TEST 2: Swapping Ignition Coils
If you've reached this point, then you have an ignition coil that did not spark in TEST 1.
In this test section we're gonna' swap the ignition coil that did not spark with one that does.
This will help us make sure that the non-sparking ignition coil is getting power and an activation signal from its electrical connector.
You don't have to buy a new ignition coil for thist test, you can use one of the other 5 ignition coils that you tested and confirmed that are sparking.
These are the test steps:
Disconnect and remove the ignition coil that did not spark.
Remove one of the other ignition coil from its place. This ignition coil should be one that sparked when tested in TEST 1.
Connect the good ignition coil to the non-sparking ignition coil's electrical connector.
Next, connect the HEI spark tester to this ignition coil.
Ground the HEI spark tester with a jump start cable directly on the battery negative (-) terminal.
Place the non-sparking ignition coil in the location of the good one, connect it to the electrical connector, and bolt it down.
Have your helper crank the engine when everything is set up.
The good ignition coil should spark.
Let's take a look at your test results:
CASE 1: The ignition coil sparked. This test result confirms that the non-sparking ignition coil's electrical connector is providing power and the activation signal.
You can conclude that the non-sparking ignition coil is defective and needs to be replaced.
CASE 2: The ignition coil DID NOT spark. This tells you that the non-sparking ignition coil is not getting either power or an activation signal from its electrical connector.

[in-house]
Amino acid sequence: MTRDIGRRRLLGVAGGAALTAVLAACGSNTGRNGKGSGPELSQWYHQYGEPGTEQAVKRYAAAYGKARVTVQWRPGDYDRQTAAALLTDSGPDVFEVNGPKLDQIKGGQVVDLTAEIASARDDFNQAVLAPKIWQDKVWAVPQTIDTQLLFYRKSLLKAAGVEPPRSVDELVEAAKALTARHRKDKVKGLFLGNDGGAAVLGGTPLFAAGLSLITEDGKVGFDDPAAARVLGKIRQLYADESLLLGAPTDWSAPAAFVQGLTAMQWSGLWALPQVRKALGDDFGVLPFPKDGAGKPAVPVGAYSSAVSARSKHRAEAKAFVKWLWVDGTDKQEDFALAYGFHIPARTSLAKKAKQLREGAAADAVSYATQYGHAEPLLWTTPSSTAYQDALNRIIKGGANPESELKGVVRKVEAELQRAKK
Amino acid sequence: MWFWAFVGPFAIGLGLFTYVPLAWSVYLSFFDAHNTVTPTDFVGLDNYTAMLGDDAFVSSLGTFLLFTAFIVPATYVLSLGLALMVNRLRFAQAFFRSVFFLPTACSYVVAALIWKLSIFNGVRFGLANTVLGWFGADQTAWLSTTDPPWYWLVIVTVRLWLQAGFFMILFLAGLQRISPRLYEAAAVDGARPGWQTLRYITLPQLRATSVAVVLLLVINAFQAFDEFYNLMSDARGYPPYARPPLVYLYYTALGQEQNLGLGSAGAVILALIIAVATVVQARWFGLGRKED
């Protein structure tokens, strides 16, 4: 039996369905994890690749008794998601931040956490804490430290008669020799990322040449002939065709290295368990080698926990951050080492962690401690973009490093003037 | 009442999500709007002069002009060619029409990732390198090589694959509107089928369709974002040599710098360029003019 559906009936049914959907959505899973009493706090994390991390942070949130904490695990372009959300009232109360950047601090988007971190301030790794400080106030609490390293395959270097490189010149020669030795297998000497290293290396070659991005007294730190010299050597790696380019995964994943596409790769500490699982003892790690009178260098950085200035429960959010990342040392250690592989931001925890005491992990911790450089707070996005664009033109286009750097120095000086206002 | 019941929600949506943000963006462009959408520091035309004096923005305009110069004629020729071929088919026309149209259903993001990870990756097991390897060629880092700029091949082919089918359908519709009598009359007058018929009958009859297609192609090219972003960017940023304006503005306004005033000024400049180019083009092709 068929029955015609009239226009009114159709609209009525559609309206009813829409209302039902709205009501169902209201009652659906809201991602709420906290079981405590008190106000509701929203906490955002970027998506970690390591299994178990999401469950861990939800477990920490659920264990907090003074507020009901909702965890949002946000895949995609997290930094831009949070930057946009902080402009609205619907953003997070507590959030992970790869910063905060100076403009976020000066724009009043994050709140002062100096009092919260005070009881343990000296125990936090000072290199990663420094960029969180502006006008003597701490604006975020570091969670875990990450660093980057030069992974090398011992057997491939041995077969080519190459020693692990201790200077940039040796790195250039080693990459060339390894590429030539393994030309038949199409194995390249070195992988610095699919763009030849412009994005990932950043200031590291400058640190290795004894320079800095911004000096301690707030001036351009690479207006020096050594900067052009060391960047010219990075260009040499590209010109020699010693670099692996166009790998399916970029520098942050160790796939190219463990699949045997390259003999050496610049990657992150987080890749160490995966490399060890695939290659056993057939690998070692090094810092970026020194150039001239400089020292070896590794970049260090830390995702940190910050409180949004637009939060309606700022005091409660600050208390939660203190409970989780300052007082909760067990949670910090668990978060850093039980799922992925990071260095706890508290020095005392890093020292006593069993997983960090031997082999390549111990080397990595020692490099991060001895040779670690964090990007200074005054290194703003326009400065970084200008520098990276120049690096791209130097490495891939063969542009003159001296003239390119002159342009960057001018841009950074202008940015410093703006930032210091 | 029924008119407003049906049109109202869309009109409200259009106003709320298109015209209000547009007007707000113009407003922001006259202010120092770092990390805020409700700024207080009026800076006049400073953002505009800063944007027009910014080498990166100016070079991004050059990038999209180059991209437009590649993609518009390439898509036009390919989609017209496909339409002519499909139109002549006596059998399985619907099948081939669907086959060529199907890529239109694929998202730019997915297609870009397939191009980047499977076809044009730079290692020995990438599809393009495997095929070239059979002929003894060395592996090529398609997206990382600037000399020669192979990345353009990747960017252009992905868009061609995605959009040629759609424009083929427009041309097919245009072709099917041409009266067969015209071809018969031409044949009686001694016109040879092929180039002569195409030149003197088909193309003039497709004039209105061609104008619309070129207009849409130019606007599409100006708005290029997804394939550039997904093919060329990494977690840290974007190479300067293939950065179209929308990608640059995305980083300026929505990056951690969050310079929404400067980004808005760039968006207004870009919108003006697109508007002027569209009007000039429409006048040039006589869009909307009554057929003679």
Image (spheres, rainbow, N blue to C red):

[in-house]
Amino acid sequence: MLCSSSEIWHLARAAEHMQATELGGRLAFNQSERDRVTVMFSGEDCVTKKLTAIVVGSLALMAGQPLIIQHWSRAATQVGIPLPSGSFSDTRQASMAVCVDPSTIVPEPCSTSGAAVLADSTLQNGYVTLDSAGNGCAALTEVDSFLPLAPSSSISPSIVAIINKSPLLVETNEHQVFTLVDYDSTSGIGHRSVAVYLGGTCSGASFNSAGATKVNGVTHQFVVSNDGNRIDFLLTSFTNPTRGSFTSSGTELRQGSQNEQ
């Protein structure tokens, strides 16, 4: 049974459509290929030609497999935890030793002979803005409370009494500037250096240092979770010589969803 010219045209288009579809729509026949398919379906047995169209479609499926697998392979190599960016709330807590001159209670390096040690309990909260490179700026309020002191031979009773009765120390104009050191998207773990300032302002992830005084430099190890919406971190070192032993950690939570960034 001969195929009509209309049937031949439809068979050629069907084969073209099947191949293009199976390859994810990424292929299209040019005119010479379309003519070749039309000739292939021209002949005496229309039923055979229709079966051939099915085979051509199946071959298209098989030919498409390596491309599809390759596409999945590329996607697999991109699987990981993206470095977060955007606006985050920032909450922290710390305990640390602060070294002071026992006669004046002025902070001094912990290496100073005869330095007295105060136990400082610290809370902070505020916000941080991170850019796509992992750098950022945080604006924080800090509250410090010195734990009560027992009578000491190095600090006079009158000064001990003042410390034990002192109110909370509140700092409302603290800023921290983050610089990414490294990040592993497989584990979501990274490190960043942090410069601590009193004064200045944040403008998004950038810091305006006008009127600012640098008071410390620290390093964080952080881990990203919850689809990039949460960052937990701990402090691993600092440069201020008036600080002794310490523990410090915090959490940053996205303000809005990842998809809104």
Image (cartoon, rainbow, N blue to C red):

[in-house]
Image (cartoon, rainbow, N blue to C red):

To be a bit more specific: The ignition coil is not getting an activation signal from the fuel injection computer or it's not getting power.
The next step for you is to:
- Check that the ignition coil is getting power (10 to 12 Volts).
- That the PCM is providing an activation signal (known as the IC (Ignition Control) Signal).
Although these specific tests are beyond the scope of this article, you now have an idea of what direction your diagnostic/troubleshooting needs to go in.
Where To Buy The Ignition Coil And Save
The following links will help you comparison shop for the 2.4L Honda CR-V's ignition coils. I think they'll save you some bucks:
More 2.7L V6 Chrysler And Dodge Tutorials
You can find a complete list of 2.7L Dodge tutorials in this index:
Here's a small sample of the tutorials you'll find in the index:
- How To Test The Blower Motor (2001-2006 Dodge Stratus).
- How To Test The Throttle Position Sensor (2.7L V6 Chrysler).
- How To Test The MAP Sensor (2000-2004 2.7L Chrysler).
- How To Test Engine Compression (2.7L V6 Chrysler).
If this info really saved the day, buy me a beer!